Share Email Print
cover

Proceedings Paper

Theoretical study of magnetic and ultrasonic sensors: dependence of magnetic potential and acoustic pressure on the sensor geometry
Author(s): Dominique Placko; Tribikram Kundu
Format Member Price Non-Member Price
PDF $14.40 $18.00
cover GOOD NEWS! Your organization subscribes to the SPIE Digital Library. You may be able to download this paper for free. Check Access

Paper Abstract

In this paper, we describe a model based on a spatial distribution of point sources, called 'DPSM' (Distributed Point Sources Method), applied to magnetic and ultrasonic sensors modelling. Magnetic and acoustic fields are theoretically generated for two types of sensors. The sensor surface is discretized into a finite number of elemental surfaces. A point source is placed at the centroid position of every elemental surface. Point source strength is proportional to the elemental surface area for acoustic sensors and it is obtained by inverting a matrix to satisfy the equipotential boundary conditions for magnetic sensors. Total field is computed at a given point by adding fields generated by all sources. The main difference between the magnetic and acoustic field modelling is that for a magnetic sensor the magnetic potential remains constant on the sensor surface and the magnetic flux varies from point to point, while for the acoustic sensor the particle velocity remains constant on the sensor surface and the acoustic pressure varies. This difference causes an additional matrix inversion in the magnetic field modeling, which is not necessary for the acoustic field modeling. Like other numerical modeling schemes, accuracy of the computation depends on the sensor surface discretization or mesh generation. Effect of the spacing between two neighboring point sources on the accuracy of the field computation is studied and the optimum spacing for accurate numerical computation is given. For accurately modelling acoustic fields the spacing between two neighboring sources should be less than the acoustic wavelength. Flat sensors with circular and rectangular cross-sections as well as point focused concave sensors have been modelled by this technique.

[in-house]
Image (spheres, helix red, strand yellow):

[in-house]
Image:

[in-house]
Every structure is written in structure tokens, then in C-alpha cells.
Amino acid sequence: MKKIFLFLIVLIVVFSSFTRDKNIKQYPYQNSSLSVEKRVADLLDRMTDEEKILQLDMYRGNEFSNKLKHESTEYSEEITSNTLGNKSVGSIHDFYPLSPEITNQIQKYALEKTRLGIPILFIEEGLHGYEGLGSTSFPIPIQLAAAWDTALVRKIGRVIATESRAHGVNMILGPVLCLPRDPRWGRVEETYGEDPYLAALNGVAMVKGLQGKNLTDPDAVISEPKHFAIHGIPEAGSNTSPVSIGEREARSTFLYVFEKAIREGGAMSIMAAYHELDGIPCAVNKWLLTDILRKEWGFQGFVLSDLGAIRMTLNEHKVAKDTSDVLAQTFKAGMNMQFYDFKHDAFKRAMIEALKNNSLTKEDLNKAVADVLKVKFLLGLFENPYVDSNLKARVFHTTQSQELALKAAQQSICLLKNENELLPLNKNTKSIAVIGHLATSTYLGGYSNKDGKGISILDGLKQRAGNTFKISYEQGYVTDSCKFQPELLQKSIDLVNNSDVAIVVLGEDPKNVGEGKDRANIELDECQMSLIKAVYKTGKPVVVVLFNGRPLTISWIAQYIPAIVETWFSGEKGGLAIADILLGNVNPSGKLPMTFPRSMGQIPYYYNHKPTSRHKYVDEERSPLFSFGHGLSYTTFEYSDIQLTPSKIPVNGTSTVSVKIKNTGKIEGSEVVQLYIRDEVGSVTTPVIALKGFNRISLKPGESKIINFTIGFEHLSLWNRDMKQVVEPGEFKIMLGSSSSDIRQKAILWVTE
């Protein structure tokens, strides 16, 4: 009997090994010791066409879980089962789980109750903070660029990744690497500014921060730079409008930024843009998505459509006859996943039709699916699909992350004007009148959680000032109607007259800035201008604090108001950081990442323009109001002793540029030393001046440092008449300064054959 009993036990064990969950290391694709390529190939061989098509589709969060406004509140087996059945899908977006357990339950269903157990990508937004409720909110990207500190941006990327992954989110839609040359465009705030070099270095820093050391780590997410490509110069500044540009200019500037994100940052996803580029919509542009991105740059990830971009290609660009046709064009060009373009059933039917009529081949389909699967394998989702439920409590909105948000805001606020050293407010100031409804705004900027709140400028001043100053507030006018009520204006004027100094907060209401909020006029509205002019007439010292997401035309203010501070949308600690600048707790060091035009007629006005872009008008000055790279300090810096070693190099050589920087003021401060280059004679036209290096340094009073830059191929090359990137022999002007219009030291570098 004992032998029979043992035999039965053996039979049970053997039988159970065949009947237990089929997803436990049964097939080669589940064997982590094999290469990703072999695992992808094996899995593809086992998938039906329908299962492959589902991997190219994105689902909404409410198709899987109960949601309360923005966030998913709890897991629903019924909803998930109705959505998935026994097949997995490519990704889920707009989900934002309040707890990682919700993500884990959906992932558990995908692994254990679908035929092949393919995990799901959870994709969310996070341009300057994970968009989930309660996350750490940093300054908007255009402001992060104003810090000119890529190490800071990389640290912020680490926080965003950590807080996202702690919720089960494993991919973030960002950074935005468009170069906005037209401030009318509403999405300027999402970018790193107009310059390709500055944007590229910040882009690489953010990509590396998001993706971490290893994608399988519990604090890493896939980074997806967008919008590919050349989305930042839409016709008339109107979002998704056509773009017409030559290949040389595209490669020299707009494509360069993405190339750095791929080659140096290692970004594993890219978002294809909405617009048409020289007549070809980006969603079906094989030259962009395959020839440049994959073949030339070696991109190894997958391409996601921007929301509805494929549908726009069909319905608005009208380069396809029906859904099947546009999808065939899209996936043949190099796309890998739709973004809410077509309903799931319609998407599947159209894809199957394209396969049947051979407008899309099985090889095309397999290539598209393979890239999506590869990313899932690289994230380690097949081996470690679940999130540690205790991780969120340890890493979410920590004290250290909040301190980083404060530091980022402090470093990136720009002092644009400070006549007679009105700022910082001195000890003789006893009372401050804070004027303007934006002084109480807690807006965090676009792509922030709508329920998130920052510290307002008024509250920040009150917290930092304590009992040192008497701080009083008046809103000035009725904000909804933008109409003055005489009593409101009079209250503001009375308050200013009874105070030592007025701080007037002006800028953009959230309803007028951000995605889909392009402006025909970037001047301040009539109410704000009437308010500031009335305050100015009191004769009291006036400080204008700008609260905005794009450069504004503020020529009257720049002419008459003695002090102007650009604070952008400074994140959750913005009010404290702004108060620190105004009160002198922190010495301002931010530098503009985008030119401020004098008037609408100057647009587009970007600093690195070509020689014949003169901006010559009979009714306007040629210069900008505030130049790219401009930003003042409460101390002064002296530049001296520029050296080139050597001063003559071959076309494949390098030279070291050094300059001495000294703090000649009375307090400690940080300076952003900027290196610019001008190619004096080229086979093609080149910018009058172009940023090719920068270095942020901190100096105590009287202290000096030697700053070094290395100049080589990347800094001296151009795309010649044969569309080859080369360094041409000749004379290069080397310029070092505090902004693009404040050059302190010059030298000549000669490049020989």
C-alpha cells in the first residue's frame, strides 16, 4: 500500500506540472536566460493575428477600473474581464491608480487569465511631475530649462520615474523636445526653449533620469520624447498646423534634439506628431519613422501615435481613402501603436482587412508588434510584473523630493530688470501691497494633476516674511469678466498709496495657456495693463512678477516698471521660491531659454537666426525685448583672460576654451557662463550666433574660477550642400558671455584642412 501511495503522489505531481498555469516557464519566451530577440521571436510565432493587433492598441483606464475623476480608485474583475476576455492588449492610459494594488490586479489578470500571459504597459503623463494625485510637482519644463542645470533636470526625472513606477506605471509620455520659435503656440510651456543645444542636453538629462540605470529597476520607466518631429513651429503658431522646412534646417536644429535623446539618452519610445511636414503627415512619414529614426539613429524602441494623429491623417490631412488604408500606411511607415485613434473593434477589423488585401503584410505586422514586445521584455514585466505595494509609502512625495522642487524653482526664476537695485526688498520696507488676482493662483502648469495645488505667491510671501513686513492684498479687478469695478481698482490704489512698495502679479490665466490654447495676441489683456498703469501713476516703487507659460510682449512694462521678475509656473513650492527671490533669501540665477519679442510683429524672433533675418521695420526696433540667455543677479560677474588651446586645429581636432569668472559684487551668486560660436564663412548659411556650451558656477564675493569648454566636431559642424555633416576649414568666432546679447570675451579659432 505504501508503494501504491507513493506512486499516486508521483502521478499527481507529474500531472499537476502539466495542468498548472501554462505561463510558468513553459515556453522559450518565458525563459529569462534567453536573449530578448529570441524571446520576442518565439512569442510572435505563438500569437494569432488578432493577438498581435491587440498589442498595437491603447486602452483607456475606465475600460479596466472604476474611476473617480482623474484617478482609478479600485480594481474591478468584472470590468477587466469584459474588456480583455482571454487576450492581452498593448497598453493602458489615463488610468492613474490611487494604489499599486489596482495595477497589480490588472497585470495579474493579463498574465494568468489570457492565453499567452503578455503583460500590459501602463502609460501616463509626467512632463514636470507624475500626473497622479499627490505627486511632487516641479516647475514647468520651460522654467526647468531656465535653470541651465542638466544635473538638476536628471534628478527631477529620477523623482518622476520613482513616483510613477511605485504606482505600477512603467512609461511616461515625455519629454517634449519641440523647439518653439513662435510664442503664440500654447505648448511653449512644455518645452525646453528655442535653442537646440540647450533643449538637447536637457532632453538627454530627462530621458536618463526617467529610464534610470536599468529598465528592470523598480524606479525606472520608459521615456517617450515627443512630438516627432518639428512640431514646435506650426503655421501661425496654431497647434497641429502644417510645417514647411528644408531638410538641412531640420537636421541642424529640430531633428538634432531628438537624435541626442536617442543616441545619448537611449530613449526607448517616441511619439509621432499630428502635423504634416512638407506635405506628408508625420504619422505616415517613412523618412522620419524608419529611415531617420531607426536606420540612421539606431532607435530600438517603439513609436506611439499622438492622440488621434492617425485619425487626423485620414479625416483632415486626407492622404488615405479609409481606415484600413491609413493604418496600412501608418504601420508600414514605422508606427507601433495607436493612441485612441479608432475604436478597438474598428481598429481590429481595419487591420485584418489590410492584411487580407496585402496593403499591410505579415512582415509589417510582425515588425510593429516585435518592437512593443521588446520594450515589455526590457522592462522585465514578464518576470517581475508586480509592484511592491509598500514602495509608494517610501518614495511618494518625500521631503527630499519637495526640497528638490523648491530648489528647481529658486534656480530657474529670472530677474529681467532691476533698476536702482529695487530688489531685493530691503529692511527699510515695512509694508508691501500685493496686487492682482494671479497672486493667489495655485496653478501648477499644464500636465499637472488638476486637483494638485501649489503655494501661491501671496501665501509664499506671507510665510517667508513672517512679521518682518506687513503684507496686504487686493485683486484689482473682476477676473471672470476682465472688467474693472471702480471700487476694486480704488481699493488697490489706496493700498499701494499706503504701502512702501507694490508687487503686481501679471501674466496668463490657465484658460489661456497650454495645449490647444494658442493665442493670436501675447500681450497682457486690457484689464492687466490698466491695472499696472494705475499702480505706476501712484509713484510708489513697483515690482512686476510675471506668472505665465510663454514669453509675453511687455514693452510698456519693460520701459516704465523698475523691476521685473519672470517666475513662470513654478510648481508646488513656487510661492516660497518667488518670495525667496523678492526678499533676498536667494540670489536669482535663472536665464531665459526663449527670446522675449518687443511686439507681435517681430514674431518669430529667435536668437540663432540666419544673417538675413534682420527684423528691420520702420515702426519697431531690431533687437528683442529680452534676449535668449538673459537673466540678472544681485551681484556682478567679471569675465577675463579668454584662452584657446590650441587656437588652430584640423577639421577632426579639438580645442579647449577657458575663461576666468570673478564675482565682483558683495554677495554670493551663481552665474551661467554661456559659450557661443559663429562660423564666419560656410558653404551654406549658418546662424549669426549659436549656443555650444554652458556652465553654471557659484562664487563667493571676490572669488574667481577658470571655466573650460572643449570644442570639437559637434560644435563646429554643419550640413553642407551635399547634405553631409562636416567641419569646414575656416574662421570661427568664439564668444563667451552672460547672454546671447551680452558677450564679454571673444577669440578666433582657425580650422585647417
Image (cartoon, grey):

Paper Details

Date Published: 24 July 2001
PDF: 11 pages
Proc. SPIE 4335, Advanced Nondestructive Evaluation for Structural and Biological Health Monitoring, (24 July 2001); doi: 10.1117/12.434201
Show Author Affiliations
Dominique Placko, Ecole Normale Superieure de Cachan (France)
Tribikram Kundu, Univ. of Arizona (United States)


Published in SPIE Proceedings Vol. 4335:
Advanced Nondestructive Evaluation for Structural and Biological Health Monitoring
Tribikram Kundu, Editor(s)

© SPIE. Terms of Use
Back to Top